Leathercraft is an ancient art that has been practised for centuries. In the Middle Ages Europeans carved geometric designs onto leather capes, boots and saddles. In America and Mexico leather workers carved leather in a floral style, depicting images of indigenous flowers such as roses and poppies onto leather products.
I am Kath Eastham, I started making guitar straps a few years ago as I found that what I was being asked for didn't seem to be offered by regular manufacturers. This led to requests from customers for other leather products including belts and bags. My designs are available from the website or from the craft fairs I attend, details of which will be posted in the News section. I take my inspiration from the hills of the Lake District, some of which are depicted on the leather goods, and sometimes from the leather itself. I particularly enjoy leather carving, as leather is a wonderful medium to work in, capable of being tooled to create beautiful three dimensional designs which will last for many years.
Here you will find information and photos detailing the creation of some of the products on this website.
A 1904 Singer 29K15, known as "The Patcher". I use this for stitching some of the leather products on the website. The Patcher is traditionally a cobbler's machine as boots could fit easily over the long narrow arm. The head also rotates to allow stitching in any direction, even backwards if needed. The machine is operated by treadle or handcrank and so is completely carbon neutral!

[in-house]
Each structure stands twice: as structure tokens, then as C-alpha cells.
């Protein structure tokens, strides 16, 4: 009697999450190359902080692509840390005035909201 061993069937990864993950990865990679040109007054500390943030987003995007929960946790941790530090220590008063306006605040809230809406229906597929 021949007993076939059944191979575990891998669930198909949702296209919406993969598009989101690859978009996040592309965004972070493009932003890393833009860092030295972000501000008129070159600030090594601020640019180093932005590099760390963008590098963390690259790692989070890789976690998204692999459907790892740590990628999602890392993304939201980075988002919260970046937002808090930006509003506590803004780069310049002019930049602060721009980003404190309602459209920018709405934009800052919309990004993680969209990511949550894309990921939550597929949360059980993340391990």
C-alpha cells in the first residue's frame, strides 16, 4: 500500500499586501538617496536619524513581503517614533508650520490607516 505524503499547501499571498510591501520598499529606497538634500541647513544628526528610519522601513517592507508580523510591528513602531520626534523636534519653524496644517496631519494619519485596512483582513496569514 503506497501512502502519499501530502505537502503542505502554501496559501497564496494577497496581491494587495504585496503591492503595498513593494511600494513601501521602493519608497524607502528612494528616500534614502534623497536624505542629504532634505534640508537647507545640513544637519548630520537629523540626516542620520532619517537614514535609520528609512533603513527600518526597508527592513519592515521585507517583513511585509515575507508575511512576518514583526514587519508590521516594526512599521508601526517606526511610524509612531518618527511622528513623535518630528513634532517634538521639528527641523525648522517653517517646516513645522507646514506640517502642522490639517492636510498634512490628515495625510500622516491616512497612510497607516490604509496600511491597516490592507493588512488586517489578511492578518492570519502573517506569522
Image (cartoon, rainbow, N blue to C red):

Handstitching a guitar strap using a diamond awl. The awl is used to punch a hole in the leather then two saddler's needles are used to stitch the pieces together. The pieces are held in place by a wooden frame called a stitching pony. This is a long slow process but rather theraputic!
Handcarving the belt using a ceramic swivel knife.
Dying a hand made leather belt.
Stitching the belt on a Singer 29k.
The Finished Belt.
Hand tooled Leather belt pouch I'm making at the moment. This is just after I've cut the design into it, but before I've started tooling it. The background is not a Photoshop border, it's my plastic cutting board!
The pouch after tooling.
After tooling and dying the background.
After dying the edge with a chestnut brown leather dye and applying an antique finish to it. The antique finish picks up the detailing of the tooling.
The Finished article after a coat of laquer and a polish!
Making a pouch for a pocket watch, and the finished pouches. The one on the right is the chesnut one from the Shop page and has a slightly longer strap and so will hold a slightly bigger watch.